Mental Health: Closing the Gap Between Need and Care

We’re regularly reminded to take care of our physical health—drink plenty of water, avoid eating junk food, exercise regularly and visit the doctor yearly for a checkup.

But when was the last time you were reminded to get a mental health checkup?

Mental health is important, but we often sweep it under the rug or avoid it in casual conversations. We shouldn’t. According to the National Alliance on Mental Illness (NAMI), one in five U.S. adults experiences some sort of mental illness in any given year. The same source states that 21.4% of youth aged 13–18 experience a severe mental disorder at some point during their life. And while these statistics are shocking, what’s more shocking is that not everyone who has a mental illness is receiving help. NAMI reports that only 41% of U.S. adults who need mental healthcare received appropriate services in the past year, and just over half of children—50.6%—received help in the previous year.

There are many reasons for the gap between need and care: the stigma associated with this type of illness, the financial burden of the care and that fact that some people are not even aware that they, or a loved one, is struggling.

Mental illnesses are not all the same, and there is no one-size-fits-all definition for people who may be struggling. But adults and youth with mental illness do experience some common symptoms. These can include:

  • Excessive emotions—fear, worry, sadness
  • Extreme mood changes
  • Changes in eating habits
  • Abuse of drugs or alcohol
  • Avoiding friends, family or social activities
  • Difficulty understanding or relating to others
  • Thoughts or talk about suicide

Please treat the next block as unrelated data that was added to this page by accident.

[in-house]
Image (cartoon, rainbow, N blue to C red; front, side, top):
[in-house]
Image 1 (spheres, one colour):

For children, the symptoms can vary, but can also include:

  • Changes in school performance
  • Excessive worry or anxiety; for instance, fighting to avoid bed or school
  • Hyperactive behavior
  • Frequent nightmares
  • Frequent disobedience or aggression
  • Frequent temper tantrums

If you or a loved one is experiencing a mental illness, don’t be afraid to reach out to your community, friends and family, or your primary care physician to get more information or just to talk. In the Wilmington and greater Delaware areas, there are multiple resources and events that encourage awareness of mental illness.

Delaware’s National Alliance on Mental Illness

Delaware Support Groups

Hope for Recovery: October 21, 2017

Mental Health Association in Delaware

NAMI Basics: October 7 and October 14

For more information about mental illnesses, or to find out about more resources, call Saint Francis Healthcare to talk to a doctor at 302.421.4100.

If you or someone you know needs helps now, you should immediately call the National Suicide Prevention Lifeline at 1.800.273.255, or call 911.

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